John Boehner is making a concession to his right-wing colleagues with a plan to sue (but not impeach) Barack Obama for being king or something. Michele Bachmann will articulate that plan to Fox News now. But Fox News' Neil Cavuto ain't having any of it.
Via Think Progress:
During an interview with Rep. Michele Bachmann (R-MN), Cavuto belittled the effort as "an enormous waste of effort" and "a political football," suggesting that President George W. Bush used similar executive authority.
The segment devolved into a shouting match, with Cavuto laughing off Bachmann's indignation about Obama's use of executive powers.
"It just seems to me like an enormous waste of effort," Cavuto said, at first gently, trying to chide Bachmann and her Tea Party Republican colleagues in Congress to do something, you know, governance-related for the American people. "It just seems to me there's so much wrong here, this finger-pointing—'We're gonna drag your ass to court, we're gonna do this'— just do something, you hear what I'm saying?"
Bachmann did not hear what he was saying. Cavuto started yelling. Popcorn-worthy moments were happening:
Bachmann: This is what we should do now. What we should do now is defund the executive branch when we have the option—I just ran across the street because we're voting on funding for the executive branch all summer long. Cut it. Make it hurt. Because if they don't have money, they don't have power...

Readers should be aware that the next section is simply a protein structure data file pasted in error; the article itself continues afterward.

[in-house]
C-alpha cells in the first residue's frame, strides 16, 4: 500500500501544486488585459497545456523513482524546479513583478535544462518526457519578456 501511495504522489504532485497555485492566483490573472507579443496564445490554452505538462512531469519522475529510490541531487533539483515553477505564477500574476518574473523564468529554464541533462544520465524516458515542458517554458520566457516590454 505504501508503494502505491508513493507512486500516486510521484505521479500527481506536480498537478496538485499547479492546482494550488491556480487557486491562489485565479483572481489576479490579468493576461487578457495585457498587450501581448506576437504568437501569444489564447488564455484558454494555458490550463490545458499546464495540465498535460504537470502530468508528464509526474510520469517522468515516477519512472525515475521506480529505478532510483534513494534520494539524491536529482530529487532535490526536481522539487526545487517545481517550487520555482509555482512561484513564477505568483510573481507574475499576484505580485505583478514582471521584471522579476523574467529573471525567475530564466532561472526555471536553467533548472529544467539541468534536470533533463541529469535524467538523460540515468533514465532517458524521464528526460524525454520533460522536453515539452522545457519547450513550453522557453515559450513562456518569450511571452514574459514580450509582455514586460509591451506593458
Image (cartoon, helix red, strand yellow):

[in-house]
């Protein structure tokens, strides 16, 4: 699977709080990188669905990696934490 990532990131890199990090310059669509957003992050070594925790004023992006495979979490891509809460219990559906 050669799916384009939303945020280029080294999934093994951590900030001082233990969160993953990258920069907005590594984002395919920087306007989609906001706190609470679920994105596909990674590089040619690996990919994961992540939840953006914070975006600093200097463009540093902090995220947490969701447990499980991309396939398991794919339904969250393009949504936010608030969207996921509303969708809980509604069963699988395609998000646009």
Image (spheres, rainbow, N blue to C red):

Cavuto: Think about what you're saying. Defund the executive branch? Congresswoman! If Democrats had said to you, 'We're going to defund President Bush,' you would laugh them out, and so you should have… I think the Democrats are in their right mind to laugh you out now. Defund them?! [shakes head] ...Oh man oh man oh man oh man. Rome's burning and you're filing!
This could make things awkward if Bachmann joins Fox after her final term is up next January. Not as awkward as 300 million laboring Americans shuttling along on a fading trajectory of summer malaise, spent of fuel and hope, as Congress shirks its fundamental responsibilities, but still.